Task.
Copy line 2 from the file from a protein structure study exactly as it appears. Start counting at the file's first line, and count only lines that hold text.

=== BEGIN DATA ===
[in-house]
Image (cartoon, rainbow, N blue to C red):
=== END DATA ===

Image (cartoon, rainbow, N blue to C red):